By MATT COKER
By AIMEE MURILLO
By AMY NICHOLSON
By JONATHAN KIEFER
By INKOO KANG
By STEPHANIE ZACHAREK
By CALUM MARSH
In Devil's Due, co-directors Matt Bettinelli-Olpin and Tyler Gillett (V/H/S) and first-time screenwriter Lindsay Devlin offer an uninspired found-footage riff on Roman Polanski's demon-spawn classic, Rosemary's Baby (1968).
On their Dominican Republic honeymoon, the squeakily innocent Samantha (Allison Miller) and Zach (Zach Gilford) are drugged by a cult who draw a circle, light a few candles, and call forth Beelzebub, who impregnates Samantha.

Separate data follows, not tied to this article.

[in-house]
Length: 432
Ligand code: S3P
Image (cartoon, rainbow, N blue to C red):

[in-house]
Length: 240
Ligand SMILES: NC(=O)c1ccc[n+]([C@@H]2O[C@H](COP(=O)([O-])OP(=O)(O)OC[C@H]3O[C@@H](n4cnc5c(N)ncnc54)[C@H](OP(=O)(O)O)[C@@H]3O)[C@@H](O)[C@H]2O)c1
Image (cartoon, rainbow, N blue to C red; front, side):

The pregnancy seems a happy surprise until Samantha begins having violent temper tantrums, eats a package of raw meat, and, in the film's best—but all too brief—action sequence, uses Carrie-like telekinetic power to dispatch three teens who catch her doing something truly yucky in the deep woods.
All this, of course, we see through an assemblage of video footage captured by Zach's ever-present camera, as well as Paranormal Activity-style home surveillance from cameras secretly placed in the couple's home by the cult.
Gilford, forever beloved as Matt Saracen, the heart-of-gold quarterback on TV's Friday Night Lights, gives a strong, grounding performance, but Devlin's script tips its hand so early on that Devil's Due lumbers toward a woefully flat, predictable ending, and the unwelcome promise of something truly demonic—sequels.
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